The Coalition will buy back Telstra's copper network and use it as an integral part of its alternative national broadband policy, although analysts said this would leave the country with slower telecommunications than the government's national broadband network.
But sources close to NBN Co have raised doubts over the Coalition's planned $29 billion broadband policy, saying it would be difficult for the company to manage Telstra's legacy copper network without involving the telco. This has raised questions about whether a clean and complete separation of Telstra from NBN could be achieved.
Malcolm Turnbull, the opposition spokesperson on telecommunications, said the Coalition was committed to renegotiate the $11 billion NBN agreement with Telstra, expecting to conclude it speedily.
The previous negotiations between Telstra and the government dragged on for nearly a year longer than expected and were called the most complex in Australian history by those involved.
The Coalition did not say how much it would cost to buy Telstra's copper-line customer access network. It has previously been valued at as much as $20 billion.
Mr Turnbull reassured Telstra shareholders that they would not be worse off under the Coalition's alternative policy.
"It is somewhere between neutral and mildly positive for Telstra shareholders and they have nothing to fear from our approach," Mr Turnbull said.
Under government policy, Telstra's copper network will progressively be retired as NBN's fibre optic cable is rolled out. Telstra did not comment on the Coalition's policy released on Tuesday.
Telstra's share price rose 2 per cent to close at $4.58 each while shares in iiNet and TPG Telecom increased by 4.9 per cent and 3.2 per cent respectively.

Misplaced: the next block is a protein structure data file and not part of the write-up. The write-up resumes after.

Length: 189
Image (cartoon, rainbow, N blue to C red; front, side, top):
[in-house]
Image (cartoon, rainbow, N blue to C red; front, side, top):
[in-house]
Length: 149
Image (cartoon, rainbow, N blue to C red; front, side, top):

Opposition Leader Tony Abbott, who launched the policy with Mr Turnbull, said Telstra could get paid quicker under the Coalition government's alternative national broadband policy.
"Telstra only get paid under the government scheme when the NBN connection goes alive and there are few alive NBN connections," Mr Abbott said. "Under us, the thing [NBN] will become operational more quickly, so Telstra will start to get some money."
A Telstra spokesman said the company would "work constructively" with the government of the day. "Should the government or policy approach change we will sit down with the government to re-negotiate if that is needed. Our position is that we must maintain the value of the current deal for our shareholders," the spokesman said. An NBN Co spokesman declined to comment.
Optus, the country's second largest telco, welcomed the certainty in the roll-out of high-speed broadband regardless of the election outcome.
"Today's announcements provides certainty on the vital principles of wholesale only and structural separation," said David Epstein, Optus vice-president of corporate and regulatory affairs.
"With any change in policy it is important that we do not return to a non-competitive sector with one player dominating." An alliance of telecommunication carriers broadly welcomed the Coalition's commitment to structural separation of Telstra from the wholesale broadband network.
An important part of the NBN project is to break up Telstra's vertically integrated business model as a wholesaler and retailer of broadband services.
"While there are still elements of the opposition policy that the Competitive Carrier Coalition has questions and concerns about, it is a huge step forward that there is now bipartisan agreement on the fundamental competitive principles," the CCC said.